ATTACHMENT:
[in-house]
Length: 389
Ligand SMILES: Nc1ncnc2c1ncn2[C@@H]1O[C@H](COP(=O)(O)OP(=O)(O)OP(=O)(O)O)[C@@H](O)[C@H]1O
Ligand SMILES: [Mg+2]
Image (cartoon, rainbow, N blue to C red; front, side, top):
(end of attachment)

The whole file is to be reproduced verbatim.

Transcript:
[in-house]
Length: 389
Ligand SMILES: Nc1ncnc2c1ncn2[C@@H]1O[C@H](COP(=O)(O)OP(=O)(O)OP(=O)(O)O)[C@@H](O)[C@H]1O
Ligand SMILES: [Mg+2]
Image (cartoon, rainbow, N blue to C red; front, side, top):